March 7, 2016

Dogg Pound - Dogg Food (1995)

There are few albums that I have a harder time in finding a flaw than Dogg Pound's buried classic. Its consistency is on the level of All Eyez On Me and its cohesiveness might even edge out what's on Doggystyle. Kurupt and Daz are incredibly skilled rappers, and although they aren't as immediately recognizable as Snoop, but they make up for it with impeccable flows and appropriate word-choice and voice command to bring out the strength in their influential rhythms. A lot of producers tend to be weak rappers as they approach lyricism with the writing process through the same methods of their beatmaking process, but the underrated Daz Dillinger is far from falling into this trap--he brings plenty of skill and originality to this album as a rapper. Kurupt grew up in the East and honed some of the most recognizable lyricism to the West coast as a result; nobody quite had that East/West fusion he had in his lyrics and his rhythm; dude is simply the greatest spitter of all time. The album maintains one hell of a West coast G-funk mood and is basically GTA: San Andreas in album form. Daz employs Dr. Dre and his armada of engineers and mixers behind him to make this water tight and as smooth as possible (I actually think Dre is a more talented at mastering tracks then he is at producing them). Those same 808's Daz used on Doggystyle come back on Dogg Food and if you you liked the chilled-out feel of songs like Ain't No Fun, then you're in luck because this is basically an album full of that. Dogg Food might have some classic tracks like New York, New York and Let's Play House, but there is no track that really rises above the rest, yet gets as close to a perfect album as possible on how nicely this thing flows alone. Not sure why this album didn't generate the same kind of attention as the other classic Death Row records, maybe it's because Daz and Kurupt weren't universal celebrities, but this is right there with All Eyez, Doggystyle, and The Chronic.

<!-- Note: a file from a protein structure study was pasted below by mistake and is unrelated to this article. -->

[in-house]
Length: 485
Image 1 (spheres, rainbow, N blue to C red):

Dogg Food